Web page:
Context—Despite the lifesaving benefits of organ and tissue donation, a worldwide shortage of suitable and registered donors exists. Although the reasons for this shortage are multifactorial, it has been recognized that distinct barriers to registration, family discussion, and consent that require targeted intervention and action are present among minority cultural, religious, and immigrant communities.
Objective—To explore the knowledge, attitudes, and beliefs of 3 orthodox religious communities in Australia (Macedonian, Greek, and Serbian Orthodox) and determine the implications for engaging with these communities to improve knowledge, attitudes, family discussion, and the ability to make an informed decision about donation.
Design—Qualitative approach using focus groups moderated by researchers and bicultural health workers with the assistance of accredited interpreters.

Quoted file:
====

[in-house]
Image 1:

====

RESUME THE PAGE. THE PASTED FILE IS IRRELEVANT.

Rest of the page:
Participants—98 adult members of the Greek, Macedonian, and Serbian Orthodox communities in the Illawarra region of New South Wales, Australia.
Results—Clear barriers to discussing and making an informed decision about organ and tissue donation were identified. Knowledge of processes and procedures was low and discussion about death (and organ and tissue donation) with family members and loved ones was considered taboo. Despite these barriers, all 3 communities expressed a desire for more information and engagement. Of particular interest were the perspectives of 3 types of "experts": medical, religious, and other community members (who had experience with the organ and tissue donation system). Future programs designed for orthodox religious communities should consider the need for active strategies that facilitate information sharing and engagement between community members and these 3 types of experts.